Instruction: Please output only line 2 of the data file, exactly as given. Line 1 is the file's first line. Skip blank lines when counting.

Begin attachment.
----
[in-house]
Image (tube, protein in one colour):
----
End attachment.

Image (tube, protein in one colour):